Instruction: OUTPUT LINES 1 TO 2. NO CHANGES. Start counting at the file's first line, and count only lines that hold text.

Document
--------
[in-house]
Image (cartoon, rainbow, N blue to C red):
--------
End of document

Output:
[in-house]
Image (cartoon, rainbow, N blue to C red):